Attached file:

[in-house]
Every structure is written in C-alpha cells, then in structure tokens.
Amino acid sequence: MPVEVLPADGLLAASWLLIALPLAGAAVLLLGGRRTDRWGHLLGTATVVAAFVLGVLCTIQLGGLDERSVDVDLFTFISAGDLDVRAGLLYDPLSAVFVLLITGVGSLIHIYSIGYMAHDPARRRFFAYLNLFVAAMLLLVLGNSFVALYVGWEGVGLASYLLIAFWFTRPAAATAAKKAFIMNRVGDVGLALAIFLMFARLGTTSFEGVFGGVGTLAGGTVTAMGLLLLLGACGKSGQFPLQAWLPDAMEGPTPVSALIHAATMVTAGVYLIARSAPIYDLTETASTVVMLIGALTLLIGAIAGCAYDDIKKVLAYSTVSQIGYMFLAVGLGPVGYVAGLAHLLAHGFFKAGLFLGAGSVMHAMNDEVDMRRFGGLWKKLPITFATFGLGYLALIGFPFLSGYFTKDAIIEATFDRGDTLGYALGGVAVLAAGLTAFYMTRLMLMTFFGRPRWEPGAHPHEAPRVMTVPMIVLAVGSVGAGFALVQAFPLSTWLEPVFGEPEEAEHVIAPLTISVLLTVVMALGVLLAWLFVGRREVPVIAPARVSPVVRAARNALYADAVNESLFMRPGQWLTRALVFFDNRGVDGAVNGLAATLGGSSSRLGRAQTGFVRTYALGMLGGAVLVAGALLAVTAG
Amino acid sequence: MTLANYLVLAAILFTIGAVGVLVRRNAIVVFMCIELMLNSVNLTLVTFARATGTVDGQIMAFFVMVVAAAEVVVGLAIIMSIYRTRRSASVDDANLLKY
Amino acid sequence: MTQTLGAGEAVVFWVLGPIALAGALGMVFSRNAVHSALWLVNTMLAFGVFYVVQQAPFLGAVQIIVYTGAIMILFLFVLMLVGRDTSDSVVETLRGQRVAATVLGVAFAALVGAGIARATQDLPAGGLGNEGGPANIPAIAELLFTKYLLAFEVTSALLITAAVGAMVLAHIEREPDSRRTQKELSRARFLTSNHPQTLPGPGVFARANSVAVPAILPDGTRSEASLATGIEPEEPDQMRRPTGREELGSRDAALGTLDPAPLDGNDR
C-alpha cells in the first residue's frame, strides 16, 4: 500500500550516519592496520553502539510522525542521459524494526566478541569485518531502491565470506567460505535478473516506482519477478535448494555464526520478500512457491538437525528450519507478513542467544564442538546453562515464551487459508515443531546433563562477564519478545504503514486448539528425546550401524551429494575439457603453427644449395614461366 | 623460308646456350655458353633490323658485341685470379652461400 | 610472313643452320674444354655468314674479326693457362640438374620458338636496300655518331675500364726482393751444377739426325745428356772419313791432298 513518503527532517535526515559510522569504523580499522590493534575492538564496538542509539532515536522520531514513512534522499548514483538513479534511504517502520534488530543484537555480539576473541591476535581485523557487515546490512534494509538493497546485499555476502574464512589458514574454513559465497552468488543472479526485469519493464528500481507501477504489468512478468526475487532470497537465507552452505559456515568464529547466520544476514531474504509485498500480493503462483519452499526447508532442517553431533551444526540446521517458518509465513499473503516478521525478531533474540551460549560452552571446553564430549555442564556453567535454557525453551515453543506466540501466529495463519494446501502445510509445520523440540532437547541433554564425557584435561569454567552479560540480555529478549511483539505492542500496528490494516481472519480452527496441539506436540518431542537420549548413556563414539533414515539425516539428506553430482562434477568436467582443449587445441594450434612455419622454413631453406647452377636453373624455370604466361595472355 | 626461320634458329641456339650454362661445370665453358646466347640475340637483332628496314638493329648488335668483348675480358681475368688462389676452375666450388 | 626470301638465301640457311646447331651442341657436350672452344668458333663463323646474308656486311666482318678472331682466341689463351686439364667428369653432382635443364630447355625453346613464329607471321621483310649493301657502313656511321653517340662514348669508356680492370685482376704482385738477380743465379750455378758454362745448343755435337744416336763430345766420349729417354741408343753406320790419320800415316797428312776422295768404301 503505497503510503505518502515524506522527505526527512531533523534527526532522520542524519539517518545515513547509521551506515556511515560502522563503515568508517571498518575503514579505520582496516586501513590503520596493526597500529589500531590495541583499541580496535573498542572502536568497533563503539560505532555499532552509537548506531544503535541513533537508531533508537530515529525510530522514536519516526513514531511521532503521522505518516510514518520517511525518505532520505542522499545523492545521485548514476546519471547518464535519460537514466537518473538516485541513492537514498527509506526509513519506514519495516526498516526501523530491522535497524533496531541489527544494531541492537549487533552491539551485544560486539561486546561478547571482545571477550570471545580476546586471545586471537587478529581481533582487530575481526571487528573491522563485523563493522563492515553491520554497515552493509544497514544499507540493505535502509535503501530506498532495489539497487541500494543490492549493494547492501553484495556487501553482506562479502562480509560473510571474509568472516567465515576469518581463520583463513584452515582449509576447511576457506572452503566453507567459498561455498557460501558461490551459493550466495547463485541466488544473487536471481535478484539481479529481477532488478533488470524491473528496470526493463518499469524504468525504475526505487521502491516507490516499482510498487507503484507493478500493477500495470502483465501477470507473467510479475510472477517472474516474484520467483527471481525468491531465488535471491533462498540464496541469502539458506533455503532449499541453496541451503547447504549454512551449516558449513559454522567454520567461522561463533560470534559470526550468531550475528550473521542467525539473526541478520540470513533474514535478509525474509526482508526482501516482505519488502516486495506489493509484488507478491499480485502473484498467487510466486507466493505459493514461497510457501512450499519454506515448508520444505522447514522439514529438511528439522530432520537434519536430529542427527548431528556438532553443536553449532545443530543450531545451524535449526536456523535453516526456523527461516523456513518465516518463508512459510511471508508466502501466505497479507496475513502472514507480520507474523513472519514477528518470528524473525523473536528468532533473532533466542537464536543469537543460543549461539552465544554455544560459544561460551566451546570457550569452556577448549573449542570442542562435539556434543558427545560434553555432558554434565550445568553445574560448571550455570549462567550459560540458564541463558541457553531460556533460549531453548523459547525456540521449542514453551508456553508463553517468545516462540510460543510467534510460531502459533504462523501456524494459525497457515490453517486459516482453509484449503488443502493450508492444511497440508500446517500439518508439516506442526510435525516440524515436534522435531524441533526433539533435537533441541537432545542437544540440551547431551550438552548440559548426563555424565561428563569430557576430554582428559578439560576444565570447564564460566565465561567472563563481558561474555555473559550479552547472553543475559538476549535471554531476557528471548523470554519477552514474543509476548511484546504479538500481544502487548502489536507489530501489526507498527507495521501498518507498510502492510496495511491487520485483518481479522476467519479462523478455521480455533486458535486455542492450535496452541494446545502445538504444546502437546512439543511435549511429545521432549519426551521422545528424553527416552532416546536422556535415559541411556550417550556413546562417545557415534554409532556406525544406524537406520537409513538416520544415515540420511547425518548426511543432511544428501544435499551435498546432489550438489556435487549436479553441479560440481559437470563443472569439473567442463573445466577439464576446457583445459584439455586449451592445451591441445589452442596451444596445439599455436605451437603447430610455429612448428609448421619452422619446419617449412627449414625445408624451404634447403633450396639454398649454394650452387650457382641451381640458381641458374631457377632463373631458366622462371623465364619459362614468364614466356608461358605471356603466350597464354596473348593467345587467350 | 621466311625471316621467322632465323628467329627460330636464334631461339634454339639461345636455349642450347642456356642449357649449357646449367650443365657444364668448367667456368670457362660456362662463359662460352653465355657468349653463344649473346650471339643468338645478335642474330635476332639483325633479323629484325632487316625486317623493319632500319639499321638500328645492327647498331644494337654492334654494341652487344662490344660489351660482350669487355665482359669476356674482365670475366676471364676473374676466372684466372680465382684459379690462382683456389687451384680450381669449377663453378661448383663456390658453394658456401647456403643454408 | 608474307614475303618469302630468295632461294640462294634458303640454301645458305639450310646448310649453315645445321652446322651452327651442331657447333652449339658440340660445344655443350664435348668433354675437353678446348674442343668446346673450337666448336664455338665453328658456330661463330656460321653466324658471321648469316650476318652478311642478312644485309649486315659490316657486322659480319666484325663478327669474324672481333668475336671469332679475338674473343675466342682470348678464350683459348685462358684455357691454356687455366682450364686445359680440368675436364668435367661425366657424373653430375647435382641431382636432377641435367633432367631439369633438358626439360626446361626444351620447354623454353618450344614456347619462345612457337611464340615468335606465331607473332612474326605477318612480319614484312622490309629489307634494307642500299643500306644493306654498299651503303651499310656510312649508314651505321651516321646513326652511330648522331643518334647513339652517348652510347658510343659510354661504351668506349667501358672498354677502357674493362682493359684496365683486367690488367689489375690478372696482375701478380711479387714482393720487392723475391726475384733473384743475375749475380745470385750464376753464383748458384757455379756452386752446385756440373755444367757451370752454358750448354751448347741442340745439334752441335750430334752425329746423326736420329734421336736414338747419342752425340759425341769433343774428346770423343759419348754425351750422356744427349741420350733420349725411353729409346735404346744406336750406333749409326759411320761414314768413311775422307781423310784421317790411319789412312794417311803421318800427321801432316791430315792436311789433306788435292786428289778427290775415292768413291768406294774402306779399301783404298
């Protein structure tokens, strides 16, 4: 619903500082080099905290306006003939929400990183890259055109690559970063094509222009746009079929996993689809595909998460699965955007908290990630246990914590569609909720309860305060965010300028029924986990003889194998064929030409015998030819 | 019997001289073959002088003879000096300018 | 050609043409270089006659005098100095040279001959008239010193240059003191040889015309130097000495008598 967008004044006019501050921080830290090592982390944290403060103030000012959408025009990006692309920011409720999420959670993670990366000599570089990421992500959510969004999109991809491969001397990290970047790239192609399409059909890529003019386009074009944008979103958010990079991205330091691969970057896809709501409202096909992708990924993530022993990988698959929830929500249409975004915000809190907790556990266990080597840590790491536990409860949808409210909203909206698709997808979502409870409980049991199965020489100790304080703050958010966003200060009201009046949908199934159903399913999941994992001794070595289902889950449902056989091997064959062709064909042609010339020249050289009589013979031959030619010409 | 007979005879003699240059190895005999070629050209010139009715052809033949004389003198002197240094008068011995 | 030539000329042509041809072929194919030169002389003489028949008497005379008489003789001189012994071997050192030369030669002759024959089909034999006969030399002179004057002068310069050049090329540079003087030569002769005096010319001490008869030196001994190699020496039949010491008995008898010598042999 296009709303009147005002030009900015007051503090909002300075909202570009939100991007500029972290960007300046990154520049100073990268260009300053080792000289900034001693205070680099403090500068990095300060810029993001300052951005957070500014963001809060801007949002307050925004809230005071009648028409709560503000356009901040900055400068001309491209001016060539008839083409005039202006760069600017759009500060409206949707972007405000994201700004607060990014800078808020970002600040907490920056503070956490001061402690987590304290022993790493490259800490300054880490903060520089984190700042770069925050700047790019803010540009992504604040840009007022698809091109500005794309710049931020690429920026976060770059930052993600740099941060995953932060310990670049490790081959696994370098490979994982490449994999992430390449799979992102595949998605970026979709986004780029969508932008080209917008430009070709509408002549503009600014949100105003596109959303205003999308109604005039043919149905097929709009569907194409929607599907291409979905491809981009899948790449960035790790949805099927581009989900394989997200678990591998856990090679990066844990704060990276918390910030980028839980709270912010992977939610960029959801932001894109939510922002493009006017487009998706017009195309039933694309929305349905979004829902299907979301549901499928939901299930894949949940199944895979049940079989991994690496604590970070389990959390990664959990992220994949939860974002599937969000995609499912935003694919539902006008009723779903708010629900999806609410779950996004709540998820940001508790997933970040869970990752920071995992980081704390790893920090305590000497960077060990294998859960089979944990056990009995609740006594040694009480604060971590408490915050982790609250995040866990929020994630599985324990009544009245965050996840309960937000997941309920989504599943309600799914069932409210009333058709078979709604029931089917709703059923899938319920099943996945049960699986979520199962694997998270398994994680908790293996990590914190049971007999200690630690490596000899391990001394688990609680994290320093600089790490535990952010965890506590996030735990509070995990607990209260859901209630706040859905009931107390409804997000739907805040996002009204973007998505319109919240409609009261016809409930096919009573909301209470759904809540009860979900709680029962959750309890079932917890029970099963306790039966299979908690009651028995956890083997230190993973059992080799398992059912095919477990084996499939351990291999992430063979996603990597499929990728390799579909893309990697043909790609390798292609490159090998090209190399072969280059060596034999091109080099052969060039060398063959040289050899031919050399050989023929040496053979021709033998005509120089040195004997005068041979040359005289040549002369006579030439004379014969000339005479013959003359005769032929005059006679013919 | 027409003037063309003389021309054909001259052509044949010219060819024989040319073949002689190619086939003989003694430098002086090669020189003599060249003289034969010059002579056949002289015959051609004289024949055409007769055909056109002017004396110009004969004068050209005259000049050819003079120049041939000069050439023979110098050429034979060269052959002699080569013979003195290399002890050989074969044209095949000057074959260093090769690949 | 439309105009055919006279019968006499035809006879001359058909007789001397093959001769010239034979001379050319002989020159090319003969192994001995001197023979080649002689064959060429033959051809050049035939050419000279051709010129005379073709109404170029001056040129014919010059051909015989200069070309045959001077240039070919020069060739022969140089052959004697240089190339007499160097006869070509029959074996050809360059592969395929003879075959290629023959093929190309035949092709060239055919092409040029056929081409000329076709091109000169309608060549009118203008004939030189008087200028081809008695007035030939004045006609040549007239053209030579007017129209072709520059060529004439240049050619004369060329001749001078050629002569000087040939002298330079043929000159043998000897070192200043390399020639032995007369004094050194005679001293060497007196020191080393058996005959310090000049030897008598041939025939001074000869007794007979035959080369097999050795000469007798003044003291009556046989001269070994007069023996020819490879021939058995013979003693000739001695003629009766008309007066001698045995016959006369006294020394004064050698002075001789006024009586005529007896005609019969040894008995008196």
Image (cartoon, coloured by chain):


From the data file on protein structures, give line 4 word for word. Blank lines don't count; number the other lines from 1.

Amino acid sequence: MTLANYLVLAAILFTIGAVGVLVRRNAIVVFMCIELMLNSVNLTLVTFARATGTVDGQIMAFFVMVVAAAEVVVGLAIIMSIYRTRRSASVDDANLLKY